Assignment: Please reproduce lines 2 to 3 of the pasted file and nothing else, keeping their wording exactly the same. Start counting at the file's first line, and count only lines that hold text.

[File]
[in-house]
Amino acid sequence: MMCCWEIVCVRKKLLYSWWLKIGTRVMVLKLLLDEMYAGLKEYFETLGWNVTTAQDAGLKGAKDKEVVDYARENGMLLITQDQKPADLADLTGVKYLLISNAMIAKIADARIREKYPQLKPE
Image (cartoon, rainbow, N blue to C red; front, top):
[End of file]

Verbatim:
Amino acid sequence: MMCCWEIVCVRKKLLYSWWLKIGTRVMVLKLLLDEMYAGLKEYFETLGWNVTTAQDAGLKGAKDKEVVDYARENGMLLITQDQKPADLADLTGVKYLLISNAMIAKIADARIREKYPQLKPE
Image (cartoon, rainbow, N blue to C red; front, top):